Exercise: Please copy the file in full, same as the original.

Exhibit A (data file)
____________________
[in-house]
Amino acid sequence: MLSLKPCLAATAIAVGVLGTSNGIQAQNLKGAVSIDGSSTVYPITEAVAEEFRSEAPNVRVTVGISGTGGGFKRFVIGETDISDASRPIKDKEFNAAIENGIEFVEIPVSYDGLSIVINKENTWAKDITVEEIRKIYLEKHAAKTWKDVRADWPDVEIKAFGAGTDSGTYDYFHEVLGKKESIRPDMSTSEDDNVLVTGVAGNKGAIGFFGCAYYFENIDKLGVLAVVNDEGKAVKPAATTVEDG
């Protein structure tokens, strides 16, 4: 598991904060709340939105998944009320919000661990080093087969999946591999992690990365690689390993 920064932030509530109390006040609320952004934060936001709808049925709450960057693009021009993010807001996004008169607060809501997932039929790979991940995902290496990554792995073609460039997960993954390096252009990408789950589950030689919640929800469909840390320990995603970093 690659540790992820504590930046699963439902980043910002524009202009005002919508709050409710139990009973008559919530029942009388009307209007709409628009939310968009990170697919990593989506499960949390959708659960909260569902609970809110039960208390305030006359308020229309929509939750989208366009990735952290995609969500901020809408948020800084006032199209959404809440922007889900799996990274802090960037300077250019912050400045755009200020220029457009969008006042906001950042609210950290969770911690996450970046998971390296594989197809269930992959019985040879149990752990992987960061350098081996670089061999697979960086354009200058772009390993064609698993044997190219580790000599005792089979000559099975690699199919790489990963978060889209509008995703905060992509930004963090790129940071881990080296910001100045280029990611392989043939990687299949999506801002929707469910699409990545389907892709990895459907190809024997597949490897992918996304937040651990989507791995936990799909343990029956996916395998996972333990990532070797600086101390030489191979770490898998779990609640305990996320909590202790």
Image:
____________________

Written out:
[in-house]
Amino acid sequence: MLSLKPCLAATAIAVGVLGTSNGIQAQNLKGAVSIDGSSTVYPITEAVAEEFRSEAPNVRVTVGISGTGGGFKRFVIGETDISDASRPIKDKEFNAAIENGIEFVEIPVSYDGLSIVINKENTWAKDITVEEIRKIYLEKHAAKTWKDVRADWPDVEIKAFGAGTDSGTYDYFHEVLGKKESIRPDMSTSEDDNVLVTGVAGNKGAIGFFGCAYYFENIDKLGVLAVVNDEGKAVKPAATTVEDG
């Protein structure tokens, strides 16, 4: 598991904060709340939105998944009320919000661990080093087969999946591999992690990365690689390993 920064932030509530109390006040609320952004934060936001709808049925709450960057693009021009993010807001996004008169607060809501997932039929790979991940995902290496990554792995073609460039997960993954390096252009990408789950589950030689919640929800469909840390320990995603970093 690659540790992820504590930046699963439902980043910002524009202009005002919508709050409710139990009973008559919530029942009388009307209007709409628009939310968009990170697919990593989506499960949390959708659960909260569902609970809110039960208390305030006359308020229309929509939750989208366009990735952290995609969500901020809408948020800084006032199209959404809440922007889900799996990274802090960037300077250019912050400045755009200020220029457009969008006042906001950042609210950290969770911690996450970046998971390296594989197809269930992959019985040879149990752990992987960061350098081996670089061999697979960086354009200058772009390993064609698993044997190219580790000599005792089979000559099975690699199919790489990963978060889209509008995703905060992509930004963090790129940071881990080296910001100045280029990611392989043939990687299949999506801002929707469910699409990545389907892709990895459907190809024997597949490897992918996304937040651990989507791995936990799909343990029956996916395998996972333990990532070797600086101390030489191979770490898998779990609640305990996320909590202790």
Image: